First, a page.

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Thursday, Jan. 8, 2004 02:20 pm

With help from her friends, a young widow made a life for her girls

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From the Herbert Georg collection, the Hunn girls at Aunt Hannah’s Baby Shop. From left: Marjorie Ellen “Marjie,” 3; Alice Claire, 4; Paula Anne, 6; Mary Louise “Mitzi,” 8.
Photo courtesy of the Illinois State Historical Library

On May 27, 1942, the Hunn sisters of Springfield were innocence and beauty incarnate as they modeled their new spring outfits at Aunt Hannah's Baby Shop, which was then located at 126 N. Fifth St. in the Orpheum Recreation Palace. They had been specially outfitted for a party at the Leland Hotel to honor their Aunt Anne, who was retiring as state president of the Women's Relief Corps, Auxiliary of the G.A.R.

Paula (now Mrs. Tom Denny), who was then 6, remembers the fuss and solicitude on the occasion of "their special gowning," as it was reported in the SpringfieldCitizens Tribune. Through the prism of time, she can now see that she and her sisters were frequently surrounded by such an atmosphere of friendly care and attention during their early years, for the poignant subtext of the photograph is the cruel reality that their 35-year-old father had just died of a heart attack.

Paul Hunn was the owner and operator of the DX filling station located at the intersection of Edwards and West Grand (now Macarthur) streets (now a Hometown Pantry.) He was stricken while servicing an automobile, and though the firemen from Engine House No. 7 (now a beauty salon) rushed to his aid with an "inhalator," it was too late to save his life. His death left his wife Lily, now 96 and still residing just blocks from there, to raise her family alone.

"My sisters and I were so young that we weren't overwhelmed by the sadness. It's a wonder that it didn't overwhelm mother," Denny says.

At that time, the Hunns lived in the area of Fourteenth and Washington streets, which Denny describes as "a real melting pot of Italian, German, Jewish and Irish families -- the Pells, Wolfsons, Cellinis, Bartlettis, Slaughters. The neighbors were so good to us. We had victory clubs with the Bartlettis. The Pells to this day are our friends. When Buddy was killed in the war, we all felt that."

Lily approached the Mid-Continent Petroleum Co., which owned DX, and importuned the corporation to allow her to assume her husband's lease and responsibility for the filling station. Although it was without precedent (as she was a woman), she was given an immediate opportunity because of the special circumstances created by the exigencies of the war economy.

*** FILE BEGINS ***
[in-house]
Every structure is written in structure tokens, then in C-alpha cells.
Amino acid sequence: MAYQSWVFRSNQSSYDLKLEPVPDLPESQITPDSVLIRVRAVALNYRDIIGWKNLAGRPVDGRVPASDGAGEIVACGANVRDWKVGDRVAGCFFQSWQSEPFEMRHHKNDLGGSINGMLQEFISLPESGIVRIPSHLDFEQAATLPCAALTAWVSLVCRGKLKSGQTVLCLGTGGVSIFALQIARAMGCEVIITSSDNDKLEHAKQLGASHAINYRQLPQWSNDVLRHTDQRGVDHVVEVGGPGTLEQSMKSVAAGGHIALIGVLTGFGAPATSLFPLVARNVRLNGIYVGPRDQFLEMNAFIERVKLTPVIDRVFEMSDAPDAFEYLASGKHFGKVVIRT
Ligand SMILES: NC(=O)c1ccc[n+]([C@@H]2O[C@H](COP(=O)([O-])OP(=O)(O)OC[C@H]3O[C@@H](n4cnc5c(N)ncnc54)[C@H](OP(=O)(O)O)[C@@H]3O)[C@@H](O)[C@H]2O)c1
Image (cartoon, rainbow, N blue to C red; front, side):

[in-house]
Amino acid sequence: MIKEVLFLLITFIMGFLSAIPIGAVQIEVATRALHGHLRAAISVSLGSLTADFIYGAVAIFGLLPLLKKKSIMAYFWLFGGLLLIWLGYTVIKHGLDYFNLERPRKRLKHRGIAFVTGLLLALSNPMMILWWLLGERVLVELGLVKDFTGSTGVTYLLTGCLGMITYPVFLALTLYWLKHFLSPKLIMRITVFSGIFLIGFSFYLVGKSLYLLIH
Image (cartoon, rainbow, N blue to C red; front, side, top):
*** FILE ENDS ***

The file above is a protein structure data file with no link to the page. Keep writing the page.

Lily and the girls moved to a house on Columbia Street, just blocks from the station. The move necessitated the removal of the girls from Cathedral school to St. Agnes school, which was but a short walk away. The girls didn't want to leave their friends, Denny says, but "Monsignor Giusti told us we could try it for two weeks, and if we didn't like it, we could return to the Cathedral." The girls adjusted and so did Lily, who provided a "homework desk" in the station office where they could attend to their studies. However, more often than not, the girls could be found at Engine House No. 7, sitting in the trucks, having milk and cookies (or sometimes full meals), or just sitting and "yakking." Denny will never forget the kindness of those firemen. "They were like fathers to us. They adopted us," she says.

Lily was successful at the station, due in large part to the assistance of two loyal mechanics, Albert Hale and Harold Miller, who stayed with her until the 1950s when she closed operations. "Without those two, mother never would've made it," says Denny, who nine years ago married her St. Agnes classmate (and high school sweetheart), Tom Denny.

The girls had many babysitters, but Denny asserts that they had a very normal life and that Lily, besides running the station, created a very warm home environment for them. "We all had a day of the week to fix supper. It was always spaghetti with Mitzi," she says, laughing at the memory. "Mother sewed a lot, and we all cleaned house and did laundry. We only had one family car -- a Willys Jeep with 'Hunn's DX' painted on the side. You should've seen us piling out of that thing at Easter mass in all our froufrou!"

"The DX closed in '53, the year I graduated high school. Mom left to go to work for the state, as did Albert. I'm not one to look too deeply into why this happened or why that happened. Things just happen. We girls always had tremendous respect for our mother and we still do. She provided for us and created a stable environment. She made a life for us."

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